Ever since I had watched Adventurous Kate’s Snapchat of her climbing up the Kotor city walls in Montenegro, I knew it was something I had to do, I love a good challenge after all! Here’s a quick run down of Kotor…its Old Town is a UNESCO World Heritage site, located on the Bay of Kotor in Montenegro (not THAT far away from the Croatian border, Dubrovnik to Kotor is a doable journey!), rather than go around…the city walls go up ABOVE the city to the Kotor Fortress of St John’s Castle, there’s even a church half way up! Entrance is €3 and it offers some of the best views of the city and bay.
Hiking to the Kotor Fortress
Here’s the thing, I took a Montenegro day trip from Dubrovnik, we were only given 2 hours in Kotor and the first 30 minutes was taken up by a guided tour. The good part was that the guide left us at the entrance to the city walls, it was literally just a gap between some buildings but it then only gave 1hr30 to whizz up to the Kotor Fortress and get back to the bus in time. We were told the walk up to the church is worth it, it’s an easy climb, gives some good views and takes 10 minutes (20minute round trip), but I wanted to get to the top, anything less just seemed like I had failed in my challenge!
If You’re Pushed For Time, Consider Your Fitness
To get to the Kotor Fortress of St John’s Castle right at the top, it look me 25 MINUTES, I was pushing myself big time, I walk a lot, I can swim a mile, I go for a jog on the odd occasion, I’m fairly fit but certainly no athlete. It’s approximately 1300 stone stairs to the top, it’s definitely tough on the legs, the top is getting on for 300m above sea level. By the time I got back to the bottom (50minutes), my legs were literally shaking and I was sweating like a pig. The 25 minutes included the odd 30 second water break and a few quick photo stops. I passed a lot of people on the way up and down that were a lot older than me so it obviously isn’t awful if you are able to take your time and have proper breaks. I’ve heard the average time to reach the top is 40 minutes.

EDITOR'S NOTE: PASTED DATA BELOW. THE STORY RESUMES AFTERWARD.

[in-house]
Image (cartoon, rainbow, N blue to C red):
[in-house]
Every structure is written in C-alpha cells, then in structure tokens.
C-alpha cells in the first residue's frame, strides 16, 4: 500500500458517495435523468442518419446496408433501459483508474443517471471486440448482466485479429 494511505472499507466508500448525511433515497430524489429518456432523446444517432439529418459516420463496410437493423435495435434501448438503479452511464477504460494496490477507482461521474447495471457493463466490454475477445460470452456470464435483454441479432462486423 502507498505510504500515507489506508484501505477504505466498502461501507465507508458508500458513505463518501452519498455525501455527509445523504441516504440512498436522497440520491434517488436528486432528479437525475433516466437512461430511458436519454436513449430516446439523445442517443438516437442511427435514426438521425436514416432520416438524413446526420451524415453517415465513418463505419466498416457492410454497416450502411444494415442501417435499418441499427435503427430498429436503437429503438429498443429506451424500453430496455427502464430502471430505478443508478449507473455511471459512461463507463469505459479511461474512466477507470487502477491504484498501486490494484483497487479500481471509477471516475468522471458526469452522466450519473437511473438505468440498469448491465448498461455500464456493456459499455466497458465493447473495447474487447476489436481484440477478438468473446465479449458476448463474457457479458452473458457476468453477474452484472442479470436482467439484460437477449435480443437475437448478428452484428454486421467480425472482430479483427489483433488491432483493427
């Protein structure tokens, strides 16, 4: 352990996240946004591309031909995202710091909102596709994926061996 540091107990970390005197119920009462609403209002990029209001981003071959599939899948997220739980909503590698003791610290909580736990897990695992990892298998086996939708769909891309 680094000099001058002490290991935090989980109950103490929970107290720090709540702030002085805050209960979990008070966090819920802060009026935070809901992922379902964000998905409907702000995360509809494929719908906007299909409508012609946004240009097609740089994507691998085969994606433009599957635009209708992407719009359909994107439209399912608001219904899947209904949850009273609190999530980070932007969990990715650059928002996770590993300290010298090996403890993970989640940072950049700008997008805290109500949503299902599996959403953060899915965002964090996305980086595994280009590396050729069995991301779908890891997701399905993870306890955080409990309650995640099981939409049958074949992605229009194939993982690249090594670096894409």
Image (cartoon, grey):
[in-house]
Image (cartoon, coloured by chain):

(Made it to the Kotor Fortress at the top, sweaty and red but still smiling!)
Consider The Time of Year & Day (Temperature)
Again, especially if you are part of a tour group. I visited at the beginning of MAY and my tour dropped me in Kotor right on mid-day. It was 20c/68f and sunny when I started (but then it did come over cloudy), this probably would have been my limit, if the day was any hotter I think I may have passed out! We were told that in the summer, temperatures in Kotor reach upwards of 30c/86f, the only option would be to make the climb in the morning or evening.
Consider The Weather
It started to rain when I was half way up, it was actually a bit of a life saver as it cooled me down and gave me a bit of a burst of life! Coming down though was treacherous, the stones are quite shiny as it is and the rain made them so slippery. One guy in front of me actually slipped over, he hit the deck HARD and ended up limping the rest of the way down. Most people hid in various stone ruins along the route to escape the rain until it passed, but being pushed for time this wasn’t an option.
(Looking back towards Kotor from the start of the city walls climb)
Kotor generally gets quite a lot of rain. Our guide told us that the sun will often be out in Budva (35 minutes away and one of the sunniest places in Montenegro), yet pouring down in Kotor!
A big MUST. Especially on the upwards climb. I wouldn’t even consider doing it without having a drink with me. But then that’s just common sense when hiking/walking anywhere especially in warm weather. There was a guy at the church, 10 minutes into the climb that sold bottles of water, but they wouldn’t have been cold and they weren’t in an ice bucket etc. You may be fine up until here but the climb after that point gets tougher and I don’t remember seeing any other ‘salesmen’.
Consider Footwear & The Terrain
Just like my tips for Lokrum Island in Dubrovnik, decent footwear is a must. I had my lovely comfortable Sketchers but I don’t think even they were completely cut out for climbing the walls. Even in the Old Town, once the cobbles got wet in the rain I was slipping all over the place.
The steps are also quite narrow but alongside runs a steep cobbled path. It’s not normally like me but I was mean and made all the people coming up in the rain go round me and on to the cobbles as the steps aren’t wide enough for 2 people. Going DOWN on the cobbles, especially in the rain, just screams out accident waiting to happen (to be fair, when I was going up, I let the downwards people stay on the stairs, I wouldn’t have expected them to go on the cobbles for me). The route is also full of switch backs.
I would imagine with the amount of stairs, if you had knee problems you’d know about it! The leaflet given to me at the entrance even states that you should consider your health before doing the climb.
I visited Kotor as part of a day tour from Dubrovnik which can be found on my recommended European Tours on Viator!
I’m glad I was able to tick it off my bucket list, even if I did have to rush it a bit more than I would have liked but the view from the top is totally worth it! Is Kotor’s city wall climb on your bucket list? Have you done the hike to the Kotor Fortress yourself, how did you find it? Let me know in the comment below!
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